Dill has had to wrestle with vipers his whole life—at home, as the only son of a Pentecostal minister who urges him to handle poisonous rattlesnakes, and at school, where he faces down bullies who target him for his father’s extreme faith and very public fall from grace.
The only antidote to all this venom is his friendship with fellow outcasts Travis and Lydia. But as they are starting their senior year, Dill feels the coils of his future tightening around him. The end of high school will lead to new beginnings for Lydia, whose edgy fashion blog is her ticket out of their rural Tennessee town. And Travis is happy wherever he is thanks to his obsession with the epic book series Bloodfall and the fangirl who may be turning his harsh reality into real-life fantasy. Dill’s only escapes are his music and his secret feelings for Lydia—neither of which he is brave enough to share. Graduation feels more like an ending to Dill than a beginning. But even before then, he must cope with another ending—one that will rock his life to the core.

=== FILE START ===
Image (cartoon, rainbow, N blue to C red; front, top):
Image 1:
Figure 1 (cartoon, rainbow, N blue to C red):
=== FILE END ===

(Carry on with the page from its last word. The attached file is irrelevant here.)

Debut novelist Jeff Zentner provides an unblinking and at times comic view of the hard realities of growing up in the Bible Belt, and an intimate look at the struggles to find one’s true self in the wreckage of the past.
In the beginning, I was unsure about reading this book, but it was voted by the members of my book club and I am trying to be more active in the discussions. That said, I was surprised by this book.
Contemporary isn’t my go to. I am more of a fantasy, horror, or mystery and thriller kind of girl. Contemporary I usually use as a palette cleanser and those are usually romance. I have been reading contemporary more recently because of the book club, which isn’t bad at all.
This isn’t my normal contemporary. It is a coming-of-age type story about a boy and his friends set in a rural small town. Coming-of-age isn’t usually my thing. They are usually just a slice of life situation with just a little bit of things going on. They tend to be boring.
That said, this book was enjoyable. I wouldn’t say completely memorable, but it wasn’t a bad read. I would read the author again.
Final Rating: 3/5